In little more than a moment in time, the church had been thrust into a position of cultural and political power. For the next 1500 years, that power and authority was the church’s reality in the West.

And with that increase in power came a decrease in the church’s missionary identity.

None of this is to say that God abandoned the church during the Christendom era or that there was zero participation in God’s mission. God continued to work through his people to bring shalom into the world.


Only Certain Individuals

What changed was that in the pre-Christendom era, the church’s missionary identity applied to every follower of Jesus; in Christendom, the church no longer understood its missionary identity as extending to all Christians. Only certain individuals took on the responsibility of being missional people. Only certain individuals felt called to live all of their lives all for Jesus. These people, who longed to be a part of God’s mission of shalom, usually ended up living in monasteries and convents—the only model of deep discipleship available at that time. It was these monks and nuns—people like Francis of Assisi, Ignatius of Loyola, Benedict of Nursia, Hildegard of Bingen, and Teresa of Avila—who kept the light of Christ alive for the church in ways the majority of Christendom failed to. And it tended to be these monks and nuns who sought to bring shalom into the world around them, both locally and globally.

Still, most of the people who belonged to the Christendom church had no deep sense of their call to participate in God’s mission. The truth is, when a person is born into a Christendom culture it’s just assumed that person is a Christian. Such a person goes to church, sings the songs, prays the prayers, and pays their tithes and offerings. In Christendom, that is what being a Christian means. In Christendom, the kingdom of God has apparently already been established on earth. In Christendom, when you look around, you don’t see any part of society that hasn’t already fallen under the influence of the church. If that’s the case, then if everyone in a Christendom culture is a Christian—and if God’s kingdom is already established (politically and culturally, anyway)—what mission could there possibly be?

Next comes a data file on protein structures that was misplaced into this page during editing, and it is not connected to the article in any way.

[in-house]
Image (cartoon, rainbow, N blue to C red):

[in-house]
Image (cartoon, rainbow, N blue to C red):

A New Distinction

​Christendom affected the way the church perceived the world and its ministry to it. “In Christendom everyone is a Christian.” In other words, there is no category for people who are not Christians—at least not within the Christendom society. In Christendom, babies are baptized as soon as they are born and a person belongs to a parish simply because they live in a particular village. Accordingly, there is no difference between people who have chosen of their own volition to put their faith in Christ and those who have not.

​But human beings are prone to making distinctions. In Pre-Christendom, the distinction was between the church and the rest of the world—those who had yet to be reconciled to God. In Christendom, there wasn’t anyone who had not heard the gospel (the very basics of the gospel, in any case). As a result, in Christendom, a new distinction emerged. As Harvey puts it, in “Christendom the fundamental division is not between church and world, but between clergy and laity.”⁠[13]

In Pre-Christendom, the distinction was between the church and the rest of the world—those who had yet to be reconciled to God. In Christendom the fundamental division is between clergy and laity. Click To Tweet


“Professional” Christians

This division resulted in a new caste system of sorts. Now there was a caste of Christians who were full-time spiritual leaders. There was also a caste of Christians who were spiritual followers. In other words, there were “professional” Christians and there were “ordinary” Christians.[⁠14]